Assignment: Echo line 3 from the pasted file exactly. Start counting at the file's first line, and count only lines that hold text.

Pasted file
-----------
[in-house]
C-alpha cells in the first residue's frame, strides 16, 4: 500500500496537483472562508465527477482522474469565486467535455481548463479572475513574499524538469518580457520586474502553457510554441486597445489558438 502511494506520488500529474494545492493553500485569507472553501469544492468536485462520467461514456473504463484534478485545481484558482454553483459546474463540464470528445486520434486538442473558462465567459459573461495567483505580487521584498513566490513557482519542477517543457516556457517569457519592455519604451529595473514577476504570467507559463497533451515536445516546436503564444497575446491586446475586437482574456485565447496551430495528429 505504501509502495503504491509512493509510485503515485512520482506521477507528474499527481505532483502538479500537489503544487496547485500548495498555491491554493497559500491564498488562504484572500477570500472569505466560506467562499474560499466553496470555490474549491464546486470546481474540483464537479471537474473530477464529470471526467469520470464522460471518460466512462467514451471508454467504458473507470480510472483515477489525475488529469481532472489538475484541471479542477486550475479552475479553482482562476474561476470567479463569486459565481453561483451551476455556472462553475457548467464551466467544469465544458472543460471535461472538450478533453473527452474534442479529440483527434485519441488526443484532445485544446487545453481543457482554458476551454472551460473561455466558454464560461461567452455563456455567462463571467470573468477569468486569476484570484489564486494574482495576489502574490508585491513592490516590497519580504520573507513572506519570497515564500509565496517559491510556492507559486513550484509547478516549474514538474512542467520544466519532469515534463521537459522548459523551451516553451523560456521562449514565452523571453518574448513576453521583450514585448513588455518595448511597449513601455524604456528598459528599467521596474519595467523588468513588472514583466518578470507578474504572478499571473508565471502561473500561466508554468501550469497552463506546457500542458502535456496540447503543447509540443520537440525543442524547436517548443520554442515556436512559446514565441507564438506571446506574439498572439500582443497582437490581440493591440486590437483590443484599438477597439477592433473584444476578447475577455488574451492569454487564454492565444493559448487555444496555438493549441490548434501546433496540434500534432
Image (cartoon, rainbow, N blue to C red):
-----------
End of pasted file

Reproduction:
Image (cartoon, rainbow, N blue to C red):